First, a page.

The next morning, we enjoyed another hike on another trail. Even with it being overcast and drizzling, the waterfalls were nice and it was a great way to get some exercise before we drove up to Whistler, which was about 1 1/2 hours north on Highway 99.
The drive to Whistler was pleasant. The scenery was beautiful and the conversation was delightful. As we drove, we did spot a baby bear that was right up against the guardrail. He was snooping around looking for something. Needless to say we didn't stop. We kept on driving.
As we approached Whistler, a 24 feet sign "Welcome to Whistler" greeted us. Of course, we had to stop and take pictures with us in front of the sign.
Whistler is one of the largest North America's ski resort. Winter Olympics 2010 was held in Whistler. There is snow skiing, snow boarding, snowshoeing, tobogganing and ski jumping. The hub of Whistler is at the base of Whistler and Blackcomb Mountain.
By the time we got to Whistler, it was time for lunch. We walked around the village and then located a place to eat. After lunch, we did some grocery shopping and then drove to Jim and Jackie's condo. The condo was very comfortable and cozy. We got the groceries and luggage in and then headed to the trails to do some exploring.
Saturday morning, it was raining and chilly outside. Before we headed back to Vancouver, we enjoyed breakfast at the cutest diner, Southside Diner and then went to the Audain Art Museum. The displays at this museum ranged from works of Michael Audains personal art collection which traces a visual record of British Columbia from the late 18th century to the present day. It also includes one of the worlds finest collections of old First Nation masks, a collection of Emily Carr paintings and works by other well-known Canadian artists.
Driving back, we took a break and stopped at the Provincial Marine Park, Porteau Cove. There were other cars that had stopped and were having a picnic and enjoying the beautiful views. This Cove is a very popular area for scuba diving, with a series of artificial reefs including two sunken vessels. There are also areas to camp, swim and windsurf.
Our evening ended with a great dinner and a spectacular sunset.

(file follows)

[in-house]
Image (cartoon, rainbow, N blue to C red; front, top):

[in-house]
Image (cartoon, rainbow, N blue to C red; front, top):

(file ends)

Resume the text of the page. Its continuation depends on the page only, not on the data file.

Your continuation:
Sunday morning, we were up early, as we needed to be at the ferry at Horseshoe Bay by around 8 a.m., so that we could head over to Vancouver Island. This island is off Canada's Pacific Coast. It is known for its mild climate and thriving arts community. On the southern tip of the island is Victoria, British Columbia's capital, the Inner Harbour, neo-baroque Parliament Buildings, grand Fairmont Empress Hotel and English style gardens.
The ferry ride would take about two hours for us to get to the island. We passed the time by eating breakfast and I did some walking around the ferry. I needed to get in my 10,000+ steps for the day.
As we unloaded the ferry, Jackie wanted to take Linda and I to the town of Chemainus. This is a quaint community of about 3,100 residents. It was founded as a logging town in 1858. In the early 1980s, the large sawmills closed. The town did not want to die so they began to paint murals on the outside walls to remember their history. The town started out with five murals and now it is known for its thirty-nine outdoor murals. The murals, the theatre, antique dealers and restaurants have brought Chemainus back to life.
After enjoying some ice cream and photographing the murals, we drove to Victoria, known as "The Garden City". This cities population is 86,000, while the metro area is 368,000. The city is named after Queen Victoria. The city's Chinatown is the 2nd oldest in North America. San Francisco has the oldest Chinatown.
There is a lot to do in this area, such as: visit the Parliament Buildings Royal BC Museum; Craigdarroch Castle; Empress Hotel, Butchart Gardens and so much more.
Jackie had found a great place for us to stay. It was an AirBnB and it was located right around the corner from Chinatown. After unloading and freshening up, we were starved. The owner of the AirBnB told us about this great seafood restaurant close to the water. We walked to "FishHook" and got there just in time for happy hour. The fish and chips were great!
After our meal, we walked about 8 blocks to the Empress Hotel. This is one of the oldest hotels in Victoria and is considered one of Canada's grand railway hotels. It opened on January 20, 1908. The Empress is well known for serving England's most beloved ritual of afternoon tea.
After touring the Empress and seeing the Parliament Buildings, we headed back to our room. It was such a pleasant evening with the cooler temperatures. As we walked through the downtown area, it was nice to see that the older buildings have been kept up and that merchants are using them.
We began our morning by eating breakfast at the Mole. This is a restaurant enjoyed by the locals. They are known for their vegan and organic dishes. I began the day with a smoked salmon omelette and a delicious latte.